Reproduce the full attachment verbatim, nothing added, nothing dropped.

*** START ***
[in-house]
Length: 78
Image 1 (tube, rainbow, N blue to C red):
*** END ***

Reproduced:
[in-house]
Length: 78
Image 1 (tube, rainbow, N blue to C red):